(On the wobbly bridge. Photo by Jim Blandford)

(The bridge was wobbly and slippery: no kidding! Photo by Jim Blandford)

I felt exhilaration for about 2 miles after that next-to-last water station. In a regular road marathon, I would be struggling mentally and physically at this stage of the race, with a couple of miles to go. But here I was cheerfully hopping around puddles of muddy water — making plans for the rest of the day — high in spirits and in the expectation that I would finish my first ultra soon. I should have known better: After the high comes the mental abyss. At mile 25, “soon” was still 6 miles away, or more than 50 minutes.

After mile 27, every mile felt like a marathon: long, painful and slow. I could see the yellow hat of the runner ahead of me through the trees and that at least gave me a focus. I didn’t feel any acute pain but a more general sense of soreness, tiredness and eagerness to get done with the race. I tried to motivate myself by comparing what I had left with easy runs I knew (the 5.5-mile club run, the 3-mile jog with the dog around our neighborhood and the 1.2 mile to go from my parents’ house to my sister’s and back in the French Alps). The last few miles included some heartbreaking hills that slowed me down. It might be the proof that my struggle was mostly mental: There was nothing fundamentally wrong with my body (at least for someone who just ran more than a marathon), but my head had had enough.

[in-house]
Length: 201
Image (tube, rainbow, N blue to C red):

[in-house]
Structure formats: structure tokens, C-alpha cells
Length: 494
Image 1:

“I firmly believe that running is 90 percent mental. Especially ultras,” Janet wrote to me afterwards. She knows: In the past three months, Janet has run a 100k and a 60-miler, finishing first female both times. She was the only female to complete the 100k.

I finished the Blues Cruise 50K in 4 hours 26 minutes, second female and sixth overall, followed by Bill and by Mike, who ran in pain for more than two-thirds of the race. Upon arrival, Bill told me he thought 50 kilometers was probably his maximum running distance. This coming from a runner who participated in a race called Labor Pain last month and clocked 50 miles (80 kilometers) in 10h48. The Labor Pain, a 12-hour race, included some walking, so Bill doesn’t count it. Janet, Mike and Bill are my ultra heroes.

 (On my way to the finish line: just a few meters to go! Photo by Jim Blandford)

What about the bathing suit? Here is what a writer shouldn’t do: wait for the last paragraph, known as kicker, to explain his headline. Around mile 12, I heard commotion and came upon a river — a river of cold water. There was no bridge, just a rope above that was too high for me to reach. I asked the photographer on the other bank how deep the water was. “About mid-thighs for the guys,” he said, which would mean about the waist for me.
“I forgot my bikini,” I said to no one in particular.

 (“Wait, where is the bridge?” Photo by Derek Schultz)

(“I forgot my bikini!” Photo by Derek Schultz)